Langdon & Seah grew from the small practice of Waters & Watson in 1933 to Langdon & Seah in a rapid expansion of branch and offices region wide covering of more than half a century.
Langdon & Seah's history covers a period of more than half a century. In 1934, David Waters and Eric Watson - two British quantity surveyors - set up a small practice in then colonial Singapore under their names "Waters & Watson".
Two years later, the practice was bought over by Horace W Langdon & Every, a very large and successful quantity surveying firm in the UK. The origins of the firm date back to 1919, when Horace W Langdon set up in practice in Holborn, London. He was joined in 1921 by Tom Every, to form Langdon & Every. From these beginnings they expanded internationally, opening offices in South East Asia in 1936 and the Middle East in 1948. With the acquisition, the name "Waters & Watson" was changed to "Horace W Langdon & Every incorporating Waters & Watson".
The advent of war in Europe (1939) and South East Asia (1941) severely affected the quantity surveying profession. The office was kept open and manned by a skeleton staff headed by Seah Mong Hee until January 1942 when the Japanese occupied Singapore.
With the Japanese surrender in 1945, Eric Watson restarted the firm in early 1946. Encouraged by post war reconstruction work, branch offices were established in Kuala Lumpur and Hong Kong in 1947 and 1949 respectively.
Seah Mong Hee who became a Partner in 1949 was made Senior Partner in 1956 following the return of the then Senior Partner, F L Angell to the UK. In the same year, the name of the firm was changed to Langdon & Every (Far East). Subsequently, the words "Far East" were dropped to reflect the firm's expansion beyond the region.
In 1969, the practice changed its name to "Langdon Every & Seah". The firm continued its steady growth and offices were set up in Brunei (1965), Kota Kinabalu (1969), Jakarta (1972), Manila (1982), Kuching (1983), Bangkok (1984), Penang (1989), Johor Bahru (1990), Shanghai (1993), Beijing (1994), Guangzhou (1995), Vietnam (1995), Korea (2000), Shenzen (2001), India (2004), Macau and Chongqing (2005).
In 1984, Langdon Every & Seah and Beattie Prowse Pty Ltd formed partnership called Langdon Every Hunt & Beattie in Sydney.
Four years later, Langdon & Every in the UK and the Gulf amalgamated with Davis Belfield and Everest to become Davis Langdon & Everest. The origins of Davis Belfield and Everest date back to 1931 when Owen Davis, aged just 23, set up a practice not far from Holborn. John Belfield, a Cambridge graduate, who was also a quantity surveyor joined Owen Davis and the two formed the partnership, Davis & Belfield, in 1935.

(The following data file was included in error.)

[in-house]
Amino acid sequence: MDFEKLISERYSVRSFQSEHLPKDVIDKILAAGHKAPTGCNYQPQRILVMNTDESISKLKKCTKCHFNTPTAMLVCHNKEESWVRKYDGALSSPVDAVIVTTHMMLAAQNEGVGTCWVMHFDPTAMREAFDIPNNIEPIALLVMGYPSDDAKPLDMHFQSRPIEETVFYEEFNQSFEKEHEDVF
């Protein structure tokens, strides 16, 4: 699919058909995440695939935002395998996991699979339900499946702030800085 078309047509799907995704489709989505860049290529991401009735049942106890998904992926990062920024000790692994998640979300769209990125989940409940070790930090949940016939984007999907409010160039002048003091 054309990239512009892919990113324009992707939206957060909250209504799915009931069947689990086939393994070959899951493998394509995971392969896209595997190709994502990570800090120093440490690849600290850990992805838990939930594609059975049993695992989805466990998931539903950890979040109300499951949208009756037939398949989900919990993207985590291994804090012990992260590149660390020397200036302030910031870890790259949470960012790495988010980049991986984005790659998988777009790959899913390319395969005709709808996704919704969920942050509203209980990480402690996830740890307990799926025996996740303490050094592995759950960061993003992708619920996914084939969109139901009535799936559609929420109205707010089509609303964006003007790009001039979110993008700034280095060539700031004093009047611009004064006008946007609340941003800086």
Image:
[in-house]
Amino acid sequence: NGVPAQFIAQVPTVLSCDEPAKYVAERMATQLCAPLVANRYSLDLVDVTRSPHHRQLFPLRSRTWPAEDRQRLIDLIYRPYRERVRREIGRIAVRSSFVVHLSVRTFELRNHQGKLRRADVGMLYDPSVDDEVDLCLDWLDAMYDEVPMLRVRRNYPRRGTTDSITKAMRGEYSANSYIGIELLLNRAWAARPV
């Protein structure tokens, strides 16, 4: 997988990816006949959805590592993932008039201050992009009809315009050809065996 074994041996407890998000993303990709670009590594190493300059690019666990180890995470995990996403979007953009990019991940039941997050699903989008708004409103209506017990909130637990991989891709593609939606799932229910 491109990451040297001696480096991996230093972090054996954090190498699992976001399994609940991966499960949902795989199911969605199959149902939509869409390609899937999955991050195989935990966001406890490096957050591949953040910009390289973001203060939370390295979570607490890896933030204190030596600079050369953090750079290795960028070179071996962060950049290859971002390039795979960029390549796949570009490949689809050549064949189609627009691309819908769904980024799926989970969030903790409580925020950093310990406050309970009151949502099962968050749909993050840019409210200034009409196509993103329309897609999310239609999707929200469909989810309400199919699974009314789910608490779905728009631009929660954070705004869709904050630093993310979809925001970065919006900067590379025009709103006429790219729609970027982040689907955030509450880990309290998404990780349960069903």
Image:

Bobbie Everest - a descendent of George Everest, Surveyor General of India from 1830 to 1843 and the first man to measure the height of Mount Everest, which consequently bore his name - decided to become a quantity surveyor rather than an architect, due to his arithmetical speed and accuracy. A close working relationship developed between Davis, Belfield and Bobbie Everest and - somewhat delayed by the war years - they formed the partnership of Davis, Belfield & Everest in 1944.
The global partnership was strengthened through equity swaps. Langdon Every & Seah changed its name to "Davis Langdon & Seah".
Recognizing the advantage of a global partnership, Davis Langdon (operating in Europe, Middle East, the United States of America, Africa, Australia and New Zealand) and Davis Langdon & Seah, established Davis, Langdon & Seah International which enabled the independently operated practices to tap on each other resources and experience.
In 2010, Davis Langdon was acquired by Aecom and with the expiry of the Swiss Verein in June 2012 for the global collaboration under DLSI, Davis Langdon & Seah reverted to Langdon & Seah.
In April 2012, Langdon & Seah merged with Arcadis, an international consultancy, design, engineering and management services company.
Through a sharing of information technology systems and infrastructure, information management and intellectual database, our international coverage and resources enable us to reach out to service clients and fellow colleagues in the construction and property market that is becoming increasingly global, open and without bounds.